[title size=”2″]Comments[/title]

Your attributions are skewed. The large chunk you excerpt does not come Literary Saloon, it comes from my posting.

By the way, Updike hardly “languishes” on the shelves – though he certainly doesn’t approach King’s sales. Nor does an episode of Six Feet Under draw the same numbers as an episode of Fear Factor. But I suspect you’d concede there’s a difference between them. Or perhaps not.

Serious fiction in this context, by the way, is generally agreed to be fiction that’s a bit more challenging, makes you work a little harder, go a little deeper. King may be perfectly entertaining but I doubt you’d characterize him especially challenging.

Delighted, by the way, to have graduated to the “elite.” My mamma will be proud.

Posted by: TEV at January 29, 2004 11:30 AM

Thanks for bringing the mistake to my attention, I’ll fix it immediately.

Is this the equation: Updike=Six Feet Under; King=Fear Factor? In which case, I don’t agree, you’re right.

Finally, I have found that a discussion that starts “it is generally agreed” tends to chase its own tail. If you’d like to rephrase, I’d be happy to respond.

Say hey to your mama.

Posted by: rosina at January 29, 2004 11:42 AM

Fair enough – substitute “it is generally agreed to be” with “can best be defined as”.

Better?

Posted by: TEV at January 29, 2004 01:17 PM

“Serious fiction in this context, by the way, can best be defined as fiction that’s a bit more challenging, makes you work a little harder, go a little deeper. King may be perfectly entertaining but I doubt you’d characterize him especially challenging.”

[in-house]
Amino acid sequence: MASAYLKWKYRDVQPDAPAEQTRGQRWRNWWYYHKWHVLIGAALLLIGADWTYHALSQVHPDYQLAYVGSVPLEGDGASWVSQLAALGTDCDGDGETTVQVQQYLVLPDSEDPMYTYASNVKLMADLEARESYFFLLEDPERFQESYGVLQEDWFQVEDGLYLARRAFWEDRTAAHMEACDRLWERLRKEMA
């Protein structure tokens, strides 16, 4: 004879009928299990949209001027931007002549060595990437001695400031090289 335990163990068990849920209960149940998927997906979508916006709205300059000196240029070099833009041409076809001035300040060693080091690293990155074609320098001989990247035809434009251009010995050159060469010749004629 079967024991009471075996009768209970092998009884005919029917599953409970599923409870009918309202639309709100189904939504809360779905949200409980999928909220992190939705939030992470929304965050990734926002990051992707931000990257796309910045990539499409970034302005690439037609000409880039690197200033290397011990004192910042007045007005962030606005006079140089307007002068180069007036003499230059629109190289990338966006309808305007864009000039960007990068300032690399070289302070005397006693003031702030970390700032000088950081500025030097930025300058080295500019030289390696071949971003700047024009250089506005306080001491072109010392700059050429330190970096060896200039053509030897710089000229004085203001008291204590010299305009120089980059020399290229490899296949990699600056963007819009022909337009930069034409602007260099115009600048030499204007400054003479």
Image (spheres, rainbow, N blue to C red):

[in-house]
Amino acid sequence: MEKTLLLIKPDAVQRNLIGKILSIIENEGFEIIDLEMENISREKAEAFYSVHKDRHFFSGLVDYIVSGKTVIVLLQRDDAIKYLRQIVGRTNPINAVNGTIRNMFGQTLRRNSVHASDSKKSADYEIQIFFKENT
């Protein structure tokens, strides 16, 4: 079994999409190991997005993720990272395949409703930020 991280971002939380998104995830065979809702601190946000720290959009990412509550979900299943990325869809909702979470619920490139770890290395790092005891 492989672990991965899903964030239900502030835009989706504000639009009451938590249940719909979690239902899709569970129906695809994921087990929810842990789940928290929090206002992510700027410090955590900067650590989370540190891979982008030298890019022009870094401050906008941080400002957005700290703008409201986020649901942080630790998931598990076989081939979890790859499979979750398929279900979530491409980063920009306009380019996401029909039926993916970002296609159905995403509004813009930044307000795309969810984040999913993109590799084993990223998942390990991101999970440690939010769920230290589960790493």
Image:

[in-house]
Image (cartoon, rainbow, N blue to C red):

Well see, the problem is that I don’t agree with your definition of serious fiction. You like challenging fiction. What does that mean? A teenager told me recently that The DaVinci Code is the best book ever because it made him interested in history, and made him reconsider some things he held to be true. Obviously that novel (which I disliked, intensely) worked for him as challenging, and it made him dig deeper. So for him it was successful and — you can’t avoid the word — serious.

Here’s my contention: a good novel will be thought provoking (but not necessarily challenging); it will also have a good story to tell. The average reader ranks Good Story above all else. Most of the literary elite continue to act as if story and plot are to be (at best) tolerated, and more usually, disdained.

Posted by: rosina at January 29, 2004 01:43 PM

By the way, these are exactly the kind of conversations I hoped my post would inspire, so I’m delighted at the back and forth.

You say much that I agree with, and I’ll get to that in a sec. But to use your example of the DaVinci Code, the book may have inspired interest in this kid’s case, but it’s still not serious fiction. It’s a yarn, a page turner, a good time. But it doesn’t really do much to illuminate The Human Condition (an overworked phrase but one I’ll use here). The effect of that title is secondary, and owes more to the reader’s own traits.

Where we do agree completely is in the notion of disdain of plot. I think (and I argue this elsewhere, at greater length) that what happened in fiction is comparable to what happened in the visual arts. The camera doomed realist painting and forced artists to explore other realms, abstraction, cubism, etc. I personally love the modern art movement and think that despite the abstract, there is still meaningful content there. It’s only when we get to postmodernism and contemporary art where it becomes (in my opinion) empty, ironic, self-referential and purely about form.